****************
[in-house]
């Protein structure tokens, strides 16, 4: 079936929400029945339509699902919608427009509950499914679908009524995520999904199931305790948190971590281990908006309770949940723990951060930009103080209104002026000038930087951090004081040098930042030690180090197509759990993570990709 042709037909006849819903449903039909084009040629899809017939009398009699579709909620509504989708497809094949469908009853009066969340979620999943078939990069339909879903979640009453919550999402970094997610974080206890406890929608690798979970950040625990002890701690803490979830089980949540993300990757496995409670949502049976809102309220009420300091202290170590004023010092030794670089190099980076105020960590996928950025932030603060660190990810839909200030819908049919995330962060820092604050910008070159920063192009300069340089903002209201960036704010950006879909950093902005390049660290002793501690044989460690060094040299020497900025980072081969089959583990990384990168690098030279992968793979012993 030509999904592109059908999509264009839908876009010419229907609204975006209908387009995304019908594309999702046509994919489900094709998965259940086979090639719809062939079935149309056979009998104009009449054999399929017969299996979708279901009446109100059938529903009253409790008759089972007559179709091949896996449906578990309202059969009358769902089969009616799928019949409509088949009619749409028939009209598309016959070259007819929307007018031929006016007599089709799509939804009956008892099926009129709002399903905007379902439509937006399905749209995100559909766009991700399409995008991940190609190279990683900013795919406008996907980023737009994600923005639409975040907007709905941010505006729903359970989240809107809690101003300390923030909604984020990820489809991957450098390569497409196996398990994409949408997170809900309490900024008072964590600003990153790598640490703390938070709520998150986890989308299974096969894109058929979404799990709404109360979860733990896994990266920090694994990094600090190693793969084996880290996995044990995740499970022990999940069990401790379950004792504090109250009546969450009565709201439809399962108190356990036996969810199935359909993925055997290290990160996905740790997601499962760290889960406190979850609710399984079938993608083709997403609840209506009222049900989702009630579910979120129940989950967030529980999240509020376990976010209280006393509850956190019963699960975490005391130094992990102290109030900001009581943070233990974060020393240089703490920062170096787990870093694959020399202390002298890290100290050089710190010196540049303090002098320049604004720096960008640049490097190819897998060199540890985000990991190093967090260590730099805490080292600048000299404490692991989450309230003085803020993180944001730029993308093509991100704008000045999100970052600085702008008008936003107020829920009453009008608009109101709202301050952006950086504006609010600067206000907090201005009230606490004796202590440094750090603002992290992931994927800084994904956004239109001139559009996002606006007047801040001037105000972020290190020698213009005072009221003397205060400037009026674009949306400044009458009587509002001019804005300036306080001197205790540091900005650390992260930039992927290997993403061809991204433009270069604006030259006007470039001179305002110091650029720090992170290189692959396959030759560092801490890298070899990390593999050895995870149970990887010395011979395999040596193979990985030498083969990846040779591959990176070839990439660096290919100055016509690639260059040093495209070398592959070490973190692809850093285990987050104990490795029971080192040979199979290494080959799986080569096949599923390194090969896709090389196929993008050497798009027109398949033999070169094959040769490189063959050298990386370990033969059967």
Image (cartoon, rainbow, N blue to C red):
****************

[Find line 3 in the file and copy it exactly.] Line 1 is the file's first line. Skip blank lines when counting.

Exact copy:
Image (cartoon, rainbow, N blue to C red):